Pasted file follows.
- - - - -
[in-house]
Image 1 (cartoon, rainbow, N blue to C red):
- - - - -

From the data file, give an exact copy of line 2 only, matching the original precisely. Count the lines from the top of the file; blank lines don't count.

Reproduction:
Image 1 (cartoon, rainbow, N blue to C red):